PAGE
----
Mexican president fires head of powerful auditing ministry


MEXICO CITY (Reuters) – Mexican President Andres Manuel Lopez Obrador on Monday removed the head of the powerful government auditor, promoting a career public servant to replace a member of his inner circle in the latest Cabinet reshuffle following mid-term elections.

Lopez Obrador said Irma Sandoval, who served as the head of the Public Administration Ministry (SFP) since 2018, will be replaced by deputy minister Roberto Salcedo, who has worked in public sector auditing for governments dating back to the 1980s.

“We are entering a new stage, and we are going to carry out new reforms,” Lopez Obrador said, mentioning a constitutional change he says would save money by centralizing currently autonomous government agencies.

Since taking office in 2018, Lopez Obrador has made the fight against corruption a priority.

The president did not give a reason for the reshuffle, although his government earlier on Monday released data showing unspecified crimes committed by public servants had risen 8% since 2020.

“It is a good change,” Lopez Obrador said in video recorded with Sandoval and Salcedo. “The purpose is to keep fighting corruption, not allowing corruption.”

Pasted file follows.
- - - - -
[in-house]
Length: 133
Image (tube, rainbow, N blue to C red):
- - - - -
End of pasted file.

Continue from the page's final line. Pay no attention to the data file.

Sandoval’s departure had been rumored for months, after her support for her brother as candidate for the governorship of the state of Guerrero over Lopez Obrador’s favourite appeared to create friction in the lead up to June 6 midterm elections.

“This servant, and all her family, are and always will be part of the ideal of justice and the Fourth Transformation,” Sandoval said in the video, referring to the name given to Lopez Obrador’s political movement.

Sandoval and her husband, influential American-born academic John Ackerman, are seen as belonging to the left-wing within the Fourth Transformation movement, and the reshuffle could strengthen centrists.

Earlier this month, Lopez Obrador announced his finance minister would move to head the central bank, and named economist Rogelio Ramirez to the ministry.

(Reporting by Raul Cortes; Writing by Frank Jack Daniel; Editing by Daina Beth Solomon and Angus MacSwan)

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